The MCU is dead, says IBM technologist
NEW YORK — According to a top IBM technologist, the future of cloud computing depends on 3D chip stacks and new kinds of accelerators for functions like security, as the industry faces processor shrinkage slowing down while processor integration increases.
Bernie Meyerson, IBM fellow and vice president of innovation, said in an interview with EE Times that traditional CMOS scaling for ever-faster microprocessor designs are a thing of the past:
The clock frequencies are pretty much stopped. The era of the microprocessor itself is now over. That’s not a bad thing if it means that there are a lot of other things you can do, such as tremendous 3D integration. You have to figure out how to get your data across to the processor.
Meyerson reiterated the importance of 3D packaging:
The other thing is, you’ll see a lot of work on accelerated processors. FPGAs and GPUs can be used to offload tasks that work inefficiently on a microprocessor. There’s a whole host of things, but they have to do with integration. There’s a paradigm shift to a whole lot of things that were never especially important in the past.
To him, 3D stacking is clearly the Next Big Thing. Instead of the continuation of Moore’s law, engineers will increasingly look to a different sort of packaging. Meyerson believes that density can be achieved by combining multiple functions. "It’ll look like a single chip, but it will be about 50 chips stacked one on top of the other.”
Meyerson believes in the importance of solid-state devices in storage in servers. “Ultimately, we’ll hopefully start to see things like storage class memory. We’ll actually be able to integrate this, but it will be at the same clutch time as external storage.”
Security at all levels
The other major shift Meyerson underscored was towards more integrated security on servers:
Cloud security and other elements will be dramatically upgraded. Systems don’t have it on the inside. There will be elements of the server that, in and of themselves, add dramatically to the security of that system. Hackers are going to get smarter, and the systems will also have to get smarter at what you might call self-defense.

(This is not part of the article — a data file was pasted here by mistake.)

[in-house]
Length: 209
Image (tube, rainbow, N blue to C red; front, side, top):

IBM's Bernie Meyerson.
Meyerson pointed to the need for security at all levels, including the high end, which IBM’s servers are known for offering.
If you shut down for even a few moments your losses can be catastrophic. The inherent security of our capabilities is important. You have to offer more than just what I call "Here’s a server, good luck to you." The impact of outage and the impact of breach becomes extraordinarily problematic. We run many of the world’s banking systems. People are putting important stuff in the cloud.
Meyerson agrees with those who believe that we have reached the post-silicon era -- it's just that there is nothing to replace silicon.
"My joke is 'What’s going to come after silicon? Silicon.' " As CMOS technology is slowing down, he said he sees nothing in the next 15 to 20 years that will replace it. “It keeps running up against walls. As you keep making each element smaller, you keep running into barriers. The bottom line is you can yield devices that have millions of elements.”
Coherently Attached Processor Interface
Meanwhile, coprocessors and accelerators linked to microprocessors on coherent APIs are a major part of the future of server processors. “There is a need for accelerated systems and certain types of microprocessors like FPGAs that contain huge amounts of processing power. It would be great to run this through on an accelerated pace.”
In this context, Meyerson mentioned CAPI, the Coherently Attached Processor Interface, which provides a high-speed bus on top of PCI-E, replacing the older GX bus. CAPI can be used to attach dedicated off-chip accelerator chips such as GPUs, ASICs, and FPGAs in order to allow external components to communicate with the chip.
CAPI provides an easy on-ramp for their technology for many companies. There has been very good uptake. Nobody has a particularly extraordinary capability in the field. There are a lot of good people out there. We’ve actually attracted a fair number of folks who understand that we have a pretty good investment and a pretty good idea where the world is going. All I can say openly is there has been a very good response.
— Zewde Yeraswork, Associate Editor, EE Times